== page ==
Lawyers for Prager University, a nonprofit headed by radio host Dennis Prager that produces conservative videos, appeared before the 9th U.S. Circuit Court of Appeals on Tuesday to argue that Google violated the company's right to free speech by restricting a portion of its content on YouTube. PragerU's argument reflects a fundamental misunderstanding of the protections provided by the First Amendment and an effort to expand those protections beyond their original scope.
YouTube, a Google subsidiary, has restricted approximately 20 percent of the nonprofit's videos, meaning that those clips cannot be viewed by the 1.5 percent of users who opt not to see adult material. The tagged videos include "Are 1 in 5 Women Raped at College?" and "Why Isn't Communism as Hated as Nazism?"
PragerU's suit says that YouTube is essentially a "public forum" that should be subject to government intervention. In court, Peter Obstler, head counsel for PragerU, said that YouTube is "not just the company town. They're arguably a company country and maybe a company world force."
In response, Judge Jay Bybee appeared to be skeptical. "If your representations are correct, it seems deeply disturbing that they put your stuff in the restricted area," he said. "I'm not sure that creates a First Amendment issue."
Attorneys for Google countered that a win for PragerU would have deleterious effects on the internet. For one, companies would lose their right to remove pornography and abusive content, which Section 230 of the Communications Decency Act expressly allows them to scrub as they see fit. But they see a more frightening consequence as well: platforms such as their own would have the incentive to abandon current claims of political neutrality to avoid similar lawsuits, and would thus be likely to censor more content—not less.
"Google's products are not politically biased. We go to extraordinary lengths to build our products and enforce our policies in such a way that political leanings are not taken into account," Ivy Choi, a YouTube spokesperson, tells Reason. "Our platforms have always been about sharing information everywhere and giving many different people a voice, including PragerU, who has over 2 million subscribers on their YouTube channel."
That likely won't convince Dennis Prager. "I promise you, one day you will say, first they came after conservatives, and I said nothing," he opined in a July Senate hearing on tech censorship, summoning Martin Niemöller's post-Holocaust poem. "And then they came after me—and there was no one left to speak up for me." The Republican firebrand joins a growing list of right-wing figures and lawmakers who accuse social media platforms of anti-conservative bias and want those sites regulated as the new public square—one that requires a "sheriff," according to Sen. Marsha Blackburn (R–Tenn.).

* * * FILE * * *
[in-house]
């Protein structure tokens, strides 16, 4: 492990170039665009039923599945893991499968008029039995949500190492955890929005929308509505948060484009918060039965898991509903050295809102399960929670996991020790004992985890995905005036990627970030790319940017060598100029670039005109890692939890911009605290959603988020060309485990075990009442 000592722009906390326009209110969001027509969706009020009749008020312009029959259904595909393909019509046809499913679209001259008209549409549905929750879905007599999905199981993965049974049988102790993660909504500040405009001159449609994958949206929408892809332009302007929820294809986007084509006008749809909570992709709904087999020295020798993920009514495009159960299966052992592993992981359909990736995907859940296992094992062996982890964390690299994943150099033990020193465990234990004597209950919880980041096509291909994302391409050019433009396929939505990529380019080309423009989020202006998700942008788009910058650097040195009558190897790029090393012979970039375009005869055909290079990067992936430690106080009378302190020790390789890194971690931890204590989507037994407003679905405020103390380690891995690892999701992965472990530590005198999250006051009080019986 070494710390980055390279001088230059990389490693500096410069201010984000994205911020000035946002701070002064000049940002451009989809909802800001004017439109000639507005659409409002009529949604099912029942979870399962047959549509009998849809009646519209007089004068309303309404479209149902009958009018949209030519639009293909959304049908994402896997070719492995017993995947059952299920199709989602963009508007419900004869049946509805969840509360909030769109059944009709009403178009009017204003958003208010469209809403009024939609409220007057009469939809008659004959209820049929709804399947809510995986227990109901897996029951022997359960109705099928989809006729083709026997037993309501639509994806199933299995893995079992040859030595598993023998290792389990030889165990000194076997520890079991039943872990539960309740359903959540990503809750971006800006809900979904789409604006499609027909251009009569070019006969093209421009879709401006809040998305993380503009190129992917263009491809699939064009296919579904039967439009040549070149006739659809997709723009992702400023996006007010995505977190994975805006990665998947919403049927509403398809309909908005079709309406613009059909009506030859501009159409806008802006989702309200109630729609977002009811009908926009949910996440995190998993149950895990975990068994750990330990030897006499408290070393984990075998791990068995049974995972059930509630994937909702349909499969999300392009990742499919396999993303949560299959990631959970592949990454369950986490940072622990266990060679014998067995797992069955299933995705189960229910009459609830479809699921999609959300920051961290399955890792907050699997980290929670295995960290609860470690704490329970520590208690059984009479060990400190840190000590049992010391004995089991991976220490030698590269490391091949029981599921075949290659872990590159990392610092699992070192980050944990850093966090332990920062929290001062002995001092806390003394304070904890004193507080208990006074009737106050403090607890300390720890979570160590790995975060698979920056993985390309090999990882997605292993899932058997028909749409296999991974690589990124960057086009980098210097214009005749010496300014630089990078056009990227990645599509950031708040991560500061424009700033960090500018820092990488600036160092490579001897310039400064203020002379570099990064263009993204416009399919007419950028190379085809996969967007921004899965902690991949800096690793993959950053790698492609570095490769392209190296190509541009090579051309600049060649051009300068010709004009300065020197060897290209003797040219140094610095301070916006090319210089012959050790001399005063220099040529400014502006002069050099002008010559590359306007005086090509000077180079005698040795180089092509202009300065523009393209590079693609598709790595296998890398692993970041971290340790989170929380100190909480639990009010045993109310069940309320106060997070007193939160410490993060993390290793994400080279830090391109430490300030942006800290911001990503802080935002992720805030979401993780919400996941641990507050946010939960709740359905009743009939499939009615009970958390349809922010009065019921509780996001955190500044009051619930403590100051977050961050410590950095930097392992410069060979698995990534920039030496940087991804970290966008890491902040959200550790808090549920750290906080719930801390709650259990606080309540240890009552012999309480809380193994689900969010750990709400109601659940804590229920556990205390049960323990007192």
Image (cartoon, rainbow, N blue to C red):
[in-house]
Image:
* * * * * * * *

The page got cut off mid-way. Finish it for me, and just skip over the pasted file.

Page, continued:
But that line of thinking "flies in the face" of nearly every First Amendment precedent, which is that it curtails the power of the government, not private actors, says Jane Bambauer, a Professor of Law at the University of Arizona. Companies, "no matter how powerful we think they are," are thus excluded from that particular type of government meddling—an ideal that was a core part of Prager's conservative ideology, until recently.
The nonprofit's First Amendment claims are "surefire losers," Bambauer tells Reason.
PragerU has continuously demonstrated that it misunderstands such matters: In July, for instance, the nonprofit tweeted that Google revealed its anti-conservative bias because some of the predicted search results for PragerU were negative. In reality, though, Google's automated function considers trending topics and churns out suggestions accordingly. When I did the same search, the results were far more positive:
Although PragerU's First Amendment claims will almost certainly fall flat in court, the company may have a fighting chance of surviving Google's motion to dismiss by citing the Lanham Act, which prohibits false advertising. "If Google is making affirmative statements about being ideologically neutral," says Bambauer, those statements "may be challenged as being false, or at least of being misleading."
Google's declarations don't necessarily have to be all that explicit, explains Bambauer, who notes that a Lanham Act claim might survive since Google generally claims to provide a mostly unmediated idea of what people are talking about. Even still, "it's pretty unlikely to win," she says.
That implausibility is at least partially wrapped up in the fact that Google has not been restricting PragerU's content on ideological grounds—at least not on its face. Somewhat ironically, lawyers for the conservative nonprofit are also representing a pair of LGBT "kink educators" who allege First Amendment censorship, as their content has also been demonetized and age-restricted. In general, the tech giant flags far more content from liberal groups, such as HuffPost, Vox, Buzzfeed, NowThis, and The Daily Show. The Young Turks, a far-left channel, has 71 percent of its content restricted.
The far-fetched lawsuit ratchets up the tech bias debate, which came to more mainstream attention this summer with President Donald Trump's White House "social media summit." Many right-leaning figures and incendiary online characters joined the president to discuss allegations of anti-conservative sentiment on tech platforms, culminating in an executive order draft which, in its current form, would reportedly punish companies that cannot sufficiently prove their political neutrality.